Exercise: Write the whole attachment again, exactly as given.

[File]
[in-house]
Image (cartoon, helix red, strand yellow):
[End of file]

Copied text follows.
[in-house]
Image (cartoon, helix red, strand yellow):